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Nikkor Z 50mm f/1.2 S and Nikkor Z 14-30mm f/2.8 S officially announced

Nikkor Z 50mm f/1.2 S, Nikkor Z Z 14-24mm f/2.8 S
(Image credit: Nikon)

Nikon has officially unveiled two lenses from its Nikon Z lens roadmap, with full specifications, pictures and pricing. The NIKKOR Z 50mm f/1.2 S is an ultra-fast prime lens designed for low light and bokeh, while the NIKKOR Z 14-24mm f/2.8 S completes the set of three constant aperture f/2.8 pro zoom lenses that every professional photographer will look for in a high-end camera system.

The NIKKOR Z 50mm f/1.2 S is Nikon's first f/1.2 prime lens, and while it's not as fast as the celebrated NIKKOR Z 58mm f/0.95 S Noct, it's a much more practical alternative with autofocus and a more achievable price tag.

The NIKKOR Z 14-24mm f/2.8 S, meanwhile, joins the NIKKOR Z 24-70mm f/2.8 S standard zoom and NIKKOR Z 70-200mm f/2.8 VR telephoto zoom to complete the the set of three 'trinity' lenses now regarded as the core of any professional camera system.

Nikon has now built a mirrorless system of four cameras, 16 native Z-mount lenses and two teleconverters, in little more than two years. The new lenses are designed to fit the full frame Nikon Z7, Nikon Z6 and the new Nikon Z5. They will also fit the APS-C format Nikon Z50 directly, though with a 1.5x crop factor.

NIKKOR Z 50mm f/1.2 S

The NIKKOR Z 50mm f/1.2 S has been built to offer "incredible" resolving power, high performance autofocus, and all-round image quality. It will offer much more depth of field control than the existing NIKKOR Z 50mm f/1.8 S although, not surprisingly, it's a much larger and more expensive lens. It will, however, be a much more sensible option for bokeh fans than the NIKKOR Z 58mm f/0.95 S Noct.

(Image credit: Nikon)

NIKKOR Z 50mm f/1.2 S key features

• Advanced optical construction with 17 lens elements in 15 groups, including two ED glass elements and three aspherical elements.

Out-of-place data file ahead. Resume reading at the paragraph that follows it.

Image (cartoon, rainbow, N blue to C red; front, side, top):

• Fast, smooth, quiet autofocus.

• Anti-reflective Nano Crystal Coat and ARNEO coating to combat ghosting and flare.

• Cinematic video footage with large maximum and focus breathing  all but eliminated.

• Silent control ring, customisable Fn button, OLED information panel.

• Weather-sealing

(Image credit: Nikon)

NIKKOR Z 50mm f/1.2 S price and availability

Sales of the NIKKOR Z 50mm f/1.2 S start during Autumn/Winter 2020 and it will cost $2,099.95/£2,299.

Pre-order the Nikkor Z 50mm f/1.2 S from B&H

NIKKOR Z 14-24mm f/2.8 S

The NIKKOR Z 14-24mm f/2.8 S joins the existing NIKKOR Z 14-30mm f/4 S as a bigger, faster, more professional alternative (though with a slightly shorter focal range). It means that the Nikon Z system is now fully up to speed as a professional camera system and that users can now choose between smaller and lighter lens options and full-on pro lenses.

Nikon claims "superb rendering performance", and while this is a pretty big lens by regular standards, it's said to be compact for its type and, in fact, the shortest full-frame ultra-wide zoom covering the 14mm focal length.

(Image credit: Nikon)

NIKKOR Z 14-24mm f/2.8 S key features

• "Superior" optical performance "exceptional" edge to edge sharpness. 

• Nano Crystal and ARNEO Coat to drastically reduce ghosting and flare.

• Extensive sealing around all moving parts of the lens barrel keeps dust and moisture out. 

• Aluminium-alloy mount to reduce weight while increasing durability.

• Movie-ready, with smooth and silent autofocus, virtually no focus breathing or focus-shift while zooming.

• Takes 112 mm screw-on filters together with the included lens hood. A rear filter slot allows use of gel colour filters.

(Image credit: Nikon)

NIKKOR Z 14-24mm f/2.8 S price and availability

Sales of the NIKKOR Z 14-24mm f/2.8 S start during Autumn/Winter 2020 and it will cost $2,399.95/£2,499.

Pre-order the Nikkor Z 14-24mm f/2.8 S from B&H

Read more:

Best Nikon Z lenses
Nikon Z lens roadmap
Nikon mirrorless cameras and lenses
Best Nikon cameras

Rod Lawton

Rod is the Group Reviews editor for Digital Camera World and across Future's entire photography portfolio. Previously he has been Head of Testing for the photography division and Camera Channel editor on TechRadar. He has been writing about digital cameras since they first appeared, and before that began his career writing about film photography. 

Rod's near-encyclopedic knowledge of cameras both old and new makes him an invaluable resource, whether we need to ask a question about transparencies or the latest X-Trans sensor. He owns all manner of cameras, from Nikon DSLRs through Olympus, Sony and Fujifilm bodies, and on any given day you'll see him using kit from just about every manufacturer.